Kishida begins 3 days of 'condolence diplomacy' around Abe funeral

Japanese Prime Minister Fumio Kishida on Monday began three days of meetings with more than 30 foreign dignitaries as the state funeral of slain former leader Shinzo Abe provides a chance to embark on a round of so-called "condolence diplomacy."
On Monday, Kishida had meetings with Gabon Prime Minister Osca Laponda, Tanzania Prime Minister Kassim Majaliwa, Romanian Prime Minister Nicolae Ionel Ciuca, Sheikh Khalid bin Mohamed bin Zayed Al Nahyan, member of the Abu Dhabi Executive Council, Vietnamese President Nguyen Xuan Phuc, former Swiss President Didier Burkhalter, Juri Ratas, president of the Parliament of Estonia, Philippine Vice President Sara Duterte and International Energy Agency (IEA) Executive Director Fatih Birol.
He is also scheduled to hold talks with U.S. Vice President Kamala Harris, Australian Prime Minister Anthony Albanese, Indian Prime Minister Narendra Modi, South Korean Prime Minister Han Duck Soo and International Olympic Committee President Thomas Bach.
Kishida has said the controversial state-sponsored ceremony for Abe would serve as an important opportunity to communicate with other countries, but no incumbent leaders of the Group of Seven major industrialized nations will attend the funeral on Tuesday.
Abe, Japan's longest-serving prime minister, was fatally shot by a gunman during an election campaign speech in early July. In Japan, opposition to the former leader's state funeral has been mounting given his divisive political stances and various scandals as well as the cost of the ceremony.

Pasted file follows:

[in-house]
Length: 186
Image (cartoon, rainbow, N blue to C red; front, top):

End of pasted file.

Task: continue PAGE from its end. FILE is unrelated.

Japan and the United States, along with Australia and India, have recently shown they are keen to strengthen cooperation with Indo-Pacific democracies. The four countries have formed the Quad partnership to counter China's growing clout in the Asia-Pacific region.
Abe is believed to have promoted the "Indo-Pacific" concept designed to urge democratic nations in the region to bolster relations.
The Japanese government said that around 4,300 people are likely to join the state funeral for Abe in Tokyo, including roughly 700 people representing more than 200 countries, regions and international organizations.
Abe's state funeral will be only the second for a former prime minister in the post-war period following one held for Shigeru Yoshida, who in 1951 signed the San Francisco Peace Treaty that allowed Japan to regain its sovereignty.
Still, holding a state funeral for a former premier in Japan has no legal basis. The government has estimated allocating over 1.6 billion yen of taxpayers' money for Abe's funeral, but the total cost could balloon, triggering a public backlash.

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